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Bills Polian says he doesn't want consultant role with the Buffalo Bills

Despite saying he doesn't want to be a consultant, Bill Polian would still voluntarily give his opinions on the team to the owners.

Bill Polian thinks the Buffalo Bills should stay the course, and isn't in a position to take on a "football czar" or formal advisory role, the former general manager and current ESPN analyst said on The John Murphy Show Tuesday night. Polian has been speaking freely with media over the last week, but apparently not in an effort to win a job.

"Anything I could do to help in any way, I would," Polian said on the Bills' daily radio show. "But any kind of a formal role is absolutely precluded. Nor am I seeking that. I'm very happy with what I'm doing at ESPN."

In January, Polian turned down a role in the revamped Bills organization, following the purchase of the team by Kim and Terry Pegula and subsequent resignation of head coach Doug Marrone. Saying he didn't want to make that kind of long-term commitment, the two parties went their separate ways - but that hasn't stopped Polian from speaking about the team with the Pegulas or in the media.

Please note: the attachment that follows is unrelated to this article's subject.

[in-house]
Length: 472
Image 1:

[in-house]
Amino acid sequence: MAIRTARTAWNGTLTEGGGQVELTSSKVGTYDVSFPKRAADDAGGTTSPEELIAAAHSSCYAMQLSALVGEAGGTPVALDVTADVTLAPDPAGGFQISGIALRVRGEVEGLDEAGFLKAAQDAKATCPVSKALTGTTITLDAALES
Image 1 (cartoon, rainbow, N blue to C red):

In an interview with The Buffalo News before Christmas, Polian expressed strong opinions on Buffalo's quarterback situation, offensive line, defensive scheme, and more. These thoughts were apparently conveyed to the Pegulas prior to the News report. So what, exactly, is the extent of his influence with the owners?

"If anybody asks, sure. If anyone has questions, I'm happy to answer and happy to help in any way I can," replied Polian when pressed on his relationship with the organization. "Things I can do along those lines, I'm very happy to do. I want the Bills to do well. That's the overarching message: I want the Bills to do well."

To sum up, then, the 73-year-old Polian is happy to be a consultant on an on-call basis, but doesn't want to work for the team in a paid, defined role, because he would rather work for ESPN. Having someone not around the team on a daily basis providing input to the owner seems like a dangerous, and apparently repetitive, game.